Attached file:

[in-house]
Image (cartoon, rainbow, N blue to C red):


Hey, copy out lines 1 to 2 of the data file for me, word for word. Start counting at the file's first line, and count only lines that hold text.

[in-house]
Image (cartoon, rainbow, N blue to C red):